“The passion I have for my country comes from the way I was nurtured”

……………the following is a continuation of the interview posted the previous week.

Does Hidri Group have any cherished initiative with specific target on Eritrean youths? 

Since the world is increasingly inclined towards technology, we want to train youths so that they can avail themselves of being beneficiaries of technological opportunities. One of the potential areas could be coding. Instead of using someone else’s technology, we are passionate about encouraging technological innovation i.e. attributable to Eritrea. After all, the Youth should make use of technology in a constructive way. Gradual implementation of this plan is another goal of Hidri Group. Ultimate this can enable us to ensure that everything is obtained from within Eritrea, by Eritreans and for the benefit of Eritrea. And this is a lesson that we learned from President Isaias Afewerki in an inspiring way.

You are one of the people Ahlem mentions as sources of nationalistic influence in his life: What made you to work together?

We have been motivated by the policy of self-reliance as we opt to inspire the Youth more by trying to bridge our personal opportunities with the national interest. I feel that those of us in the Diaspora should look for ways and means we can do more than representing our people in crucial foreign affairs. I am not undermining what the nationals abroad are doing: Their financial responsibilities for fellow nationals and families of the fallen heroes; protesting in unison the perpetual hostile acts against Eritrea; and more. However, some of us have knowledge and other resources that we can bring here. We can at least do mentorships for youths. There could be a possibility of commuting between Eritrea and our country of residence in a bid to making a contribution of any type here. So, I feel that we should focus on contributions that can be made in the homeland with an immediate impact on the cherished national development schemes.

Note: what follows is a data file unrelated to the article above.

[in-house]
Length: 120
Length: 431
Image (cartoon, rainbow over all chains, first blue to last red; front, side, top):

Any final words?

My dad used to tell the entire family members: You are not in America to be an American. But you are here take the educational and other advantages you can have, go back home and help your country. This is how we grew up and I never forget that. The passion I have for my country comes from the way such sense of nationalism was nurtured in me. My parents came to America and they didn’t have education but they had a vigorous spirit of devotion in respect of involvement in nationalistic affairs. They did what they can for Eritrea by representing it there, while I went to school. Now, I have been educated and acquired the knowledge I need to do something in life. Then, what I am expected to do for my home country should not be limited to my parents’ duties. I should make sure that my country has something from what I have acquired so that the coming generation of youths can do better than the current one. Otherwise, we can’t keep the flow of nationalistic accomplishments to the forthcoming generation of youths by adhering to what our parents abroad have been doing only. I see that more youth members of the Eritrean community in the US are becoming confused by their socio-political system and thus get Americanized easily. They don’t readily get the meaning of the Eritrean community activities their parents are engaged in. I strongly believe that the impact of what our parents have been doing cannot be kept intact without bridging the generational gap of inclination by doing new things which demonstrate Eritrean identity in a salient manner.

Written by Medhanie Tsegai

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